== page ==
Braided Challah Bread

Monday, April 25, 2016

When I was young, my talented mom made a lot of homemade bread.  She made whole wheat sandwich bread, dill bread, homemade rolls and challah bread (sounds like hah-leh). She probably made other breads, too, but these are the ones that stand out in my memory.

When I finally started making bread as an adult, I decided to try my hand at challah bread, because it was a familiar to me, and it quickly became one of my favorites to make and eat.

It is a somewhat sweet egg bread, and because it is braided, the final product is gorgeous!  You will feel like an absolute rockstar when it comes out of the oven!  I used to make this a lot in my college apartment, and it was always a hit, and was eaten so very quickly.  It is perfect to eat by itself, to use for sandwiches, served with butter and jam, and as a delicious base for grilled cheese.

Truly this bread is a wonder.  It takes some time to make, but one of the things that I love about bread, is that there is very little hands-on time.  You just need to be around to keep it moving to the next step, but there is ample time to do laundry, help kids with homework, or write a blog post between rises.

If you like homemade bread, you really ought to add this one to your arsenal of recipes.  It is delicious!  Happy Monday!

Also, on a totally unrelated note, I selected the winners from my Instagram giveaway last week.  They were:  @ebee333, @eskolrood, @onwhomtorely, and @auntbeckj!  Congratulations to the winners, and thank you everyone else for participating!  I really appreciate you all!

If you are super bummed that you didn't win, you should probably make this bread as a consolation prize.  Homemade bread does wonders!

Braided Challah Bread:
adapted slightly from the Williams-Sonoma Bread Cookbook
makes 2 medium-sized loaves of braided bread

4 1/2 cups  unbleached all purpose flour (divided)
1 1/2 cups warm water
1 Tbs active dry yeast
4 Tbs granulated sugar
2 large eggs
1/4 cup canola oil or olive oil
1 1/2 tsp salt
1 Tbs butter

Put 3 cups of flour in a stand mixer, if you have one (it will work fine in a plain mixing bowl, too).  Use the paddle attachment.  Form a well in the center of the flour. Pour the water into the well in the flour.

Sprinkle the yeast, and a tablespoon of sugar over the water. Let stand for about 10 minutes, until the mixture is foamy.

Add the remaining tablespoons of sugar, the eggs, oil and salt.  Mix well until a shaggy dough begins to form.  Add the remaining flour, about 1/2 cup at a time, until the dough begins to pull away from the sides of the bowl.  Remove the paddle attachment, and use the dough hook at this point.  Knead on low speed for a 4-5 minutes, adding more flour, as needed, 1 Tbs at a time.  Note: you may not need all the flour, or your dough may need a little extra.  Play it by feel.  The dough should be soft and elastic, and no longer leave little bits on your hands when you finish kneading.

I find that it is hard to tell the when the dough is ready in a stand mixer (it often ends up sticky), so sometimes I will take the mixer bowl off the stand mixer, and add flour, kneading by hand until the dough is no longer sticky, but smooth and elastic.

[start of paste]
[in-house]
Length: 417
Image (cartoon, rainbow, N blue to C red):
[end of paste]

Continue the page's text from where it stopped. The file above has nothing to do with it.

One your dough has reached the soft and non-sticky stage, remove it from the bowl and place it in a greased bowl, flip the dough over, so the top and bottom are greased.  Cover it with a greased piece of plastic wrap or a damp towel and let it rise at room temperature until it has doubled in size, about 1 1/2 hours.

Carefully deflate your dough with your hand.  Turn it over, cover it, and let it rise again until doubled, another hour, or so.

Line a baking sheet with a silicone mat.  Turn the dough out onto a floured cutting board, or clean dry surface, and divide the dough into 6 equal portions.  Set aside 3 of the pieces for a minute.

Take the remaining 3 pieces and roll them out into long skinny snake-like pieces, about 14" long, and about 1" diameter through the middle of the snake.  Place the three ropes parallel to each other and pinch the three pieces together at one end.

Braid the ropes together to form a loaf. Once you finish braiding it, pinch the 3 end pieces together. Tuck both pinched ends of the bread under the loaf, just enough to hide the ends, and to keep them from coming unbraided.

Repeat with the other loaf, and place both of them on baking sheet, leaving a few inches between the loaves.

Cover with a damp towel and let the bread rise until doubles in size, another 30-40 minutes.

Preheat your oven to 350°F.  Bake until golden brown, 35-40 minutes. If you are worried about it being cooked all the way through, leave it in until it is deeply golden.

Remove from the oven, and let cool for 5 minutes on the pan, then transfer to a cooling rack for another 10.  Serve while warm.



  1. Challah bread was one of the first breads I made too. We have an annual baked goods auction at church and it is always a popular item.

  2. Challah is so good! We use it for French toast. Love this.


Note: Only a member of this blog may post a comment.

Measure & Whisk: Real food cooking with a dash of minimalist living © . Harlie Ave Design .